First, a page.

The Chlorine Generation Process:
Most of the packaged chlorine available today is manufactured by the salt process. There are three types of electrolytic cells: diaphragm, mercury and membrane. There are other methods of production, which are designed to fit the raw material containing the chlorine ion. These methods include the electrolysis of hydrochloric acid, thesalt process, and the HCl oxidation process. Electrochemical Cell The electrochemical cell is composed of an anode, a cathode, and a separator which isolates the liquids contained in the anode chamber and the cathode chamber. The function of the separator is to isolate the two chambers while allowing the migration of selected ions from the anode chamber to the cathode chamber. Brine composed ofsodium chloride and water is introduced into the anode chamber where oxidation of the sodium chloride takes place. Chlorine gas is released at the anode. The sodium ions are attracted to the negatively charged cathode and transported through the separator. Ideally, all of the chloride would be contained on the anode side of the cell. Water is reduced at the cathode and hydrogen gas is evolved. Theremaining hydroxide ion combines with the sodium ion to form sodium hydroxide solution (caustic), which exits the cathode chamber. Ideally, all of the hydroxide ions would be contained on the cathode side of the cell. Membrane Cell In the membrane process, the anolyte (the solution in the anode chamber) and the catholyte (the solution in the cathode chamber) are separated by a cation exchangemembrane that selectively transmits sodium ions but suppresses the migration of hydroxyl ions from the catholyte to the anolyte. This produces a catholyte effluent with a strong caustic soda solution with a very low sodium chloride content. The advantage of the membrane process are its energy efficiency and its ability to produce, without any harmful effect on the environment, a strong, high-qualitysolution of caustic soda (NaOH). The overall chemical reaction is: NaCl + H2O + electric current --> NaOH + 1/2 Cl2 + 1/2 H2 The two reactions that make up this overall reaction are: The principal anode reaction: 2Cl- --> Cl2 + 2eChlorine formed at the anode saturates the anolyte and an equilibrium is established as follows: Cl2 + (OH)- --> Cl- + HOCl HOCl H+ + OCl-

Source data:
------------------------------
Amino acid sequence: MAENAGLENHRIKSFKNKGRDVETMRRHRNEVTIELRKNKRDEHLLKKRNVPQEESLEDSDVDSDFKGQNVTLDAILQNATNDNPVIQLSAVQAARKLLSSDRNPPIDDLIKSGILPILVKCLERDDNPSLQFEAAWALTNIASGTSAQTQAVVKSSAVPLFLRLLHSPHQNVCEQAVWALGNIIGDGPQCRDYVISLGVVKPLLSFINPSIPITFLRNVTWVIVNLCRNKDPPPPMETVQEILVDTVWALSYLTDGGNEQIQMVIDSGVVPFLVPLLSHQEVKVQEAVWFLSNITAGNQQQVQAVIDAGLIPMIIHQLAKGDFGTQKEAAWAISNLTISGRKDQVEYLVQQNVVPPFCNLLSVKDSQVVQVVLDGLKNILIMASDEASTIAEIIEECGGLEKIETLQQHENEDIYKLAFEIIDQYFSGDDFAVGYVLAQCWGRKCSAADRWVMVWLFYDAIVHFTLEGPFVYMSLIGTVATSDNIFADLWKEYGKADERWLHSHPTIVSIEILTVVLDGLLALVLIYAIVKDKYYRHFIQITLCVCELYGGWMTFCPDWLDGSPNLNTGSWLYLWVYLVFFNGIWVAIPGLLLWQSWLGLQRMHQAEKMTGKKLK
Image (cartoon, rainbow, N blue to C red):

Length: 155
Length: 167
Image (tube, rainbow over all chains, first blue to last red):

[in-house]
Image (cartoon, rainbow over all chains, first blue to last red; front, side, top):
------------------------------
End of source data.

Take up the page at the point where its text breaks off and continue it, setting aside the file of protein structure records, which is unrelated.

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How Salt Generators Work Page 2
This shows that the chlorine is formed and then makes the chloride ion (Cl-), and the hypochlorous acid (HOCl), which further dissociates in equilibrium to hypochlorite ion (OCl-) and hydrogen ion (H+). The principal cathode reaction is: 2H+ + 2OH- + 2e- --> H2 + 2OHThe hydrogenion (H+) present in the H2O in the catholyte evolves at the cathode as hydrogen gas (H2), leaving behind the hydroxyl or hydroxide ion (OH-) in the catholyte. Because chlorine has evolved at the anode, the sodium ion (Na+) is free to join the hydroxide ion (OH-) as it migrates from the anolyte chamber to the catholyte chamber. The porous diaphragm is used to inhibit the migration of the OH- ionsfrom the cathode to the anode. Ideally, we produce pure hydrogen gas, pure chlorine gas and pure sodium hydroxide in this process. Mercury Cell The mercury cell has two essential parts: (1) the elctrolyzer and (2) the amalgam decomposer. In the elctrolyzer, a salt solution is electrolyzed, making use of a special anode and a flowing mercury cathode. Chlorine gas is liberated at the anode, and sodiumis deposited at the surface of the flowing mercury cathode, in which it dissolves to form a liquid amalgam. The amalgam flows to the decomposer where it is decomposed with water to form sodium hydroxide and hydrogen gas. The mercury is then recovered and reused. In the 1970s, mercury cell operations in the U.S. were found to be discharging effluents containing mercury in excess of the safe...